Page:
Sovereignty of Pakistan: Challenges from within, an imbroglio.
    By: Professor Dr. Gholam Mujtaba

    Prime Minister Nawaz Sharif declares that a recent drone attack reportedly killing Afghan Taliban Chief in Baluchistan was an intrusion in Pakistan’s sovereignty. This brings the following pertinent questions that requires an answer:

    PART-A, The Intriguing questions

    • Why did the Pakistani foreign office acknowledge of having a prior knowledge of the drone attack, a statement issued yesterday?
    • Having a prior knowledge of the attack in the light of a National Assembly resolution restricting such attacks on Pakistani soil clearly shows Pakistan’s incompetence and failure in dealing with the situation.
    • Does this mean that Pakistani defense forces have either no writ, or lack the capability to face it?

    These are some of the important point that requires an answer.

    PART-B Foreign Hands
    The man who was killed in the drone attack carried a Pakistani passport with a valid foreign visa.
    Didn’t the Indian Naval Officer of RAW was carrying an Indian Passport with a third country visa?
    Why a third country is guilty of providing visas to the terrorists targeting Pakistan?
    Why explanation from this country is missing on matters of national importance?
    May we know numbers, as to how many foreign connections have been established with those reprimanded by the law enforcement agencies, and why such connections have been concealed?

    PART-C, The Confusions
    Why statements showing weaknesses of the Pakistani defense apparatus are issued on a routine, such as requesting world body to denuclearize the Indian ocean after Indian display of missile deterrence, or the successful drone attack on terrorist targets?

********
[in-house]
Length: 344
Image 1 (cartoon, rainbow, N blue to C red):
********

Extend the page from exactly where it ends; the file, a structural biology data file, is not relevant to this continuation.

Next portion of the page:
On the day after September 11, the U.N. Security Council unanimously condemned al-Qaeda’s terrorist attacks “in the strongest terms” and regarded “such acts, like any act of international terrorism, as a threat to international peace and security.” Security Council Resolution 1368 called on all nations “to work together urgently to bring to justice the perpetrators, organizers and sponsors of these terrorist attacks and stresses that those responsible for aiding, supporting or harboring the perpetrators, organizers and sponsors of these acts will be held accountable.” Importantly, the Security Council reaffirmed and recognized “the inherent right of individual or collective self-defense in accordance with the Charter.” (U.N. Security Council, Resolution 1368, S/RES/1368, September 12, 2001).
    Thus, targeted drone strikes by the United States against terrorists comply with international law, particularly with the law of war, both because the U.S. is engaged in an armed conflict with al-Qaeda and associated forces and because the U.S. has an inherent right of self-defense. Armed drones are particularly well suited to target enemy belligerents while minimizing the harm to civilian populations—per the law of war. The United States should preserve its ability to use all of the tools in its arsenal, including armed drones, to ensure that terrorist organizations and their operatives do not successfully attack the U.S. homeland.